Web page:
Calculation of recovery coefficients

The results of the measurements using phantom-1 for all six-contrast levels (Eq. 1) are shown in Fig. 4, where the results of fitting Eq. 2 to the experimental data are summarised in Table 2.

Fig. 4
figure 4

Graphical representation of the measured recovery coefficients and the fitted lines (Eq. 2) for different sphere volumes and contrasts as a function of volume V

Table 2 Results of the semi-logarithmic linear regression fitting for RC in dependence on volume V (six spheres) for the six different contrast levels

Contrast-dependence of RC

The values of a and b listed in Table 2 are presented in the two semi-logarithmic graphs of Fig. 5.

Fig. 5
figure 5

The semi-logarithmic weighted fitting graph of a and b, relative to contrast. Data are shown with their standard error as listed in Table 2

Based on the representations in Fig. 5, a linear regression fit for the contrast-dependence of a and b was used:

$$a\left( C \right) = A_{a} \times \ln \left( C \right) + B_{a}$$
$$b\left( C \right) = A_{b} \times \ln \left( C \right) + B_{b}$$

with Aa = 0.014 ± 0.003 (p < 0.001), Ba = 0.068 ± 0.003 (p < 0.001) with R2 = 0.86 (p = 0.003) and.

Ab = − 0.046 ± 0.013 (p = 0.016), Bb = 0.668 ± 0.017 (p < 0.001) with R2 = 0.72 (p = 0.016). The fitting was done with the weighted least squares method, using the fitlm() function on MATLAB ( (R2020b) Update 2, Natick, Massachusetts: The MathWorks Inc.). Finally, the general equation describing the volume- and contrast-dependence of RC (Eq. 3) becomes:

$$RC\left( {C,V} \right) = { }\left( {\left( {{\varvec{A}}_{{\varvec{a}}} \times ln\left( C \right)} \right) + {\varvec{B}}_{{\varvec{a}}} } \right) \times \ln \left( V \right) + \left( {\left( {{\varvec{A}}_{{\varvec{b}}} \times ln\left( C \right)} \right) + {\varvec{B}}_{{\varvec{b}}} } \right)$$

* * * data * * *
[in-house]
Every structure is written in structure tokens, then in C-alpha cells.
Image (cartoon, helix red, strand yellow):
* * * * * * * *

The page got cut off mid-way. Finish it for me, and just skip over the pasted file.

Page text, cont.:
Validation with inhomogeneous activity volumes

The RC-model (Eq. 10) was validated by using it to correct the acquired PET data using Phantom-2 (Fig. 2). For each contrast, the ratio of corrected to actual activities was analysed in relation to the lesion volume (Fig. 6).

Fig. 6
figure 6

The ratio of corrected measured versus actual activity for the seven cylindrical ROIs and the three used contrasts. The RCs were calculated based on the cylinders’ volume (volume-method, I) or on the cylinders’ diameter (diameter-method, II). The ratio of uncorrected to actual activity is also shown for both methods

As described previously, in the section about the validation with inhomogeneous activity volumes, the selected RC corresponds to the volume of sphere either with the same volume (Fig. 6I), or the same diameter as the cylindrical lesion under correction (Fig. 6II).

The mean ratio of the corrected measured activity to the actual activity for all seven cylindrical ROIs for the highest contrast 7:1 was 0.77 ± 0.06 (range of 0.70–0.88) and 0.95 ± 0.04 (range of 0.89–1.00) for the volume-based and the diameter-based correction method respectively. For the contrast 4:1, the ratio was 0.77 ± 0.06 (range of 0.71–0.90) for the volume-based method and 0.93 ± 0.04 (range of 0.88–0.98) for the dimeter-based method. For the lowest used contrast 2:1, the ratio was 0.84 ± 0.06 (range of 0.78–0.96) and 0.98 ± 0.03 (range of 0.93 to1.04) for the two correction methods respectively.

When no correction was applied to the measured activities (uncorrected), the mean ratio of measured to actual activity was 0.63 ± 0.06 (range of 0.55–0.73) for both 7:1 and 4:1 contrast levels and 0.70 ± 0.05 (range of 0.62–0.78) for the lowest 2:1 contrast.

The diameter-based correction method resulted to the best agreement between corrected and actual activity across all contrasts and volumes. The results of the validation proved that using simply the volume of a non-spherical object to calculate its RC is not adequate. Therefore, the generalised volume, based on the concept of generalised radius [17], which accounts for the influence of shape on PVE, has been implemented for the clinical data.

Effect of PVE correction on clinical data